At this stage the two previous workarounds have both proven unsuccessful, let’s try the same process this time with another technique listed in the relevant help section on the Fiddler2 website – use of the ipv4.fiddler keyword.  The ipv4.fiddler keyword requires Fiddler v2.1.8 or later to be running, I should also mention the ipv6.fiddler keyword (not covered in this post) for IPV6 debugging.

A. Silverlight Client

Firstly the manipulation of the default http://localhost url used to connect to the server duplex service in the Silverlight 2 client project:

// From this
EndpointAddress endPoint = new EndpointAddress("http://localhost:10201/StockService");
// To this (Fiddler keyword)
EndpointAddress endPoint = new EndpointAddress(http://ipv4.fiddler:10201/StockService);

B. Hosting Web Application

Secondly the same change to the Start URL for the web application that hosts the Silverlight 2 client:

Start Url ipv4

C. WCF Service Console Application

Lastly a change to the base address of the WCF polling duplex service in the server’s configuration file:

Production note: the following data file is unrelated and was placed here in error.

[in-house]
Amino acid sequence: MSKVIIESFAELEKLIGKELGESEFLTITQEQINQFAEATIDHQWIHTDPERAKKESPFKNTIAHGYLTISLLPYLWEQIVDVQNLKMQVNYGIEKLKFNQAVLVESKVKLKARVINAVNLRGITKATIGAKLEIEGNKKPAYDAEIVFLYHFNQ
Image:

Base address ipv4

D. Results in Fiddler

Fiddler ipv4

Success – this workaround accomplishes exactly what we set out to achieve, the screenshot above shows the capture of all HTTP traffic going between the client and server.  It shows everything from the initial request for the hosting aspx page, downloading the .xap file, the request and custom self-hosted response for the clientaccesspolicy.xml file and finally the actual polling duplex activity on the wire.  Note the content of the User-defined column, this is as a result of turning on ‘Show Time-to-Last-Byte’ and ‘Show Response Timestamp’ under the Rules > Performance menu in Fiddler2.

For a deep-dive into exactly what these polling duplex requests and responses contain, please see the ‘Anatomy of a Bi-Directional Message Exchange’ heading in Part 1 – Architecture of my series of posts on polling duplex in Silverlight 2.

Advertisements

Posted in Debugging, Fiddler, PollingDuplex, Silverlight | Tagged: , , | 4 Comments »

Silverlight 2.0 Unhandled Exceptions

Posted by petermcg on June 3, 2008

It can be difficult to debug exceptions in a Silverlight applications in Visual Studio 2008 in certain scenarios at present.  If you’re having trouble tracking down where an exception is occurring in your Silverlight application and find it awkward dealing with the yellow exclamation :